School-Based Teacher Collaboration in Sweden and Greece: Formal Cooperation, Deprivatized Practices and Personalized Interaction in Primary and Lower Secondary Schools

Feb. 26, 2009

Source: Teachers and Teaching: theory and practice, Vol. 15, No. 1, February 2009, 131–154.

During recent years, educational restructuring efforts have commonly regarded schools as both learning communities and sites for teachers’ professional development. A plethora of attributes influence prerequisites as well as outcomes of the efforts, while teachers’ local cultures constitute a cornerstone. More specifically, enhanced school-based teacher collaboration is associated with upgraded school effectiveness and enhanced professional growth. However, the comparative study of school-based teacher collaboration occur rarely in an international perspective. The goal of the study is to highlight teacher collaboration in Sweden and Greece utilizing nationwide surveys with physical education teachers in both countries. The sample consisted of 707 Swedish and 451 Greek professionals. The high response rate combined with restricted internal dropout forms the basis of the generalization of the findings. The presentation of the results is connected with issues of formal cooperation, deprivatized practices and personalized interaction in four teachers groups: primary and lower secondary schools in Sweden and in Greece. According to the data, formal cooperation and deprivatized practices occur more frequently in Sweden than in Greece. However, personalized interaction is rather high in Greek lower secondary schools. Despite differences between the four contexts, a second order model represents obtained information adequately with very good fit indexes. It seems that school-based teacher collaboration in authentic settings can be connected to complex processes with multifaceted characteristics in different national contexts as well as in educational stages within one country as well. Manipulating distinct aspects of schooling may consequently jeopardize expected outcomes, as development ambitions should be targeting several interdependent dimensions. Swedish schools generally and lower secondary schools specifically constitute original examples of enhanced school-based teacher collaboration, while an intensification of combined endeavors is needed in Greece. The comparative mapping of interconnected collaboration characteristics might contribute to more holistic restructuring struggles towards schools as learning communities and sites for teachers’ professional development.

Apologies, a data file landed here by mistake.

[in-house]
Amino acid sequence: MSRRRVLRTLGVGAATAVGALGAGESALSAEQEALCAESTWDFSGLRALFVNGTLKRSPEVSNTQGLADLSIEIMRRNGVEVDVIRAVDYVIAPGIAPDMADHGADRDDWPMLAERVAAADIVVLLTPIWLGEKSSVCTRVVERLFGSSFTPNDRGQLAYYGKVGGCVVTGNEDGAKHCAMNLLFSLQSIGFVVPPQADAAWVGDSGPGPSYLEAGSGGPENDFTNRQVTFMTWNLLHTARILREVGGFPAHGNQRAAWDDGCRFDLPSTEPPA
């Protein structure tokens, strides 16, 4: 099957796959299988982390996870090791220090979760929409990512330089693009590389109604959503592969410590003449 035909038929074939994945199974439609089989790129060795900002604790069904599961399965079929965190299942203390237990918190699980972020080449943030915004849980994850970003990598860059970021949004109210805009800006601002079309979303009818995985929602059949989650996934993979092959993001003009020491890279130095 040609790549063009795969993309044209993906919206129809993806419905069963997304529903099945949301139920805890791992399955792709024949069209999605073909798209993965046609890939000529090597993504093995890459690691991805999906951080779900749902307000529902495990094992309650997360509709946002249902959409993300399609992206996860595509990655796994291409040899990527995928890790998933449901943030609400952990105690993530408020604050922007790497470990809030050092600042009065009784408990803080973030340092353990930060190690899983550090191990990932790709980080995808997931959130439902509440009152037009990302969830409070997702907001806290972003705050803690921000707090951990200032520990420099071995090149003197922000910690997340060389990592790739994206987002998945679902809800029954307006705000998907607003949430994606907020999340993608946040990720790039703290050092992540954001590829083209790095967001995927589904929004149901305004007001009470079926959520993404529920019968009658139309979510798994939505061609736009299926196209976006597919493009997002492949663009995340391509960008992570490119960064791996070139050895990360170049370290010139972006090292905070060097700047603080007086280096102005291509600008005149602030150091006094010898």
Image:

Updated: Apr. 27, 2009